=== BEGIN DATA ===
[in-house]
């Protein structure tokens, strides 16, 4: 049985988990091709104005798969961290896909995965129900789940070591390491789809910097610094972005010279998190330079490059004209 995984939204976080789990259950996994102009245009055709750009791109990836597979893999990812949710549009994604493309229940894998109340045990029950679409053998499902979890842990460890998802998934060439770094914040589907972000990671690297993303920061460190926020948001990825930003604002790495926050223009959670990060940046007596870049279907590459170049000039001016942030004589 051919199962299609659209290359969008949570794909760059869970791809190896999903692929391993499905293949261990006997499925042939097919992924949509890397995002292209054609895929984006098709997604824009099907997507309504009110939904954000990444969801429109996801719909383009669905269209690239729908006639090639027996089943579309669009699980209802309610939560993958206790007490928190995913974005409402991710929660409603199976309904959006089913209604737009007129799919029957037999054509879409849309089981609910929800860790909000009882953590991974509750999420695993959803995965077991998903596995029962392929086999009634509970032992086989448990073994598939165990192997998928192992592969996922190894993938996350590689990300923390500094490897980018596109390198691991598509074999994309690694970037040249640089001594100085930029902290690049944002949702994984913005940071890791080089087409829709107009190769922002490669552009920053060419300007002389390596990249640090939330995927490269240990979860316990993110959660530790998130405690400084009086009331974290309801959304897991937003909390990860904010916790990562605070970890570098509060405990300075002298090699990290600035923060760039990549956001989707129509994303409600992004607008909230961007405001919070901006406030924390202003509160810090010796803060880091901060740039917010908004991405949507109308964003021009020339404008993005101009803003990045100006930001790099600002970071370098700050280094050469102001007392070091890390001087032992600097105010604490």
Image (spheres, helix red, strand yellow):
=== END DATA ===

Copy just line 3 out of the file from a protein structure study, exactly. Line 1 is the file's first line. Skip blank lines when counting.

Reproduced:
Image (spheres, helix red, strand yellow):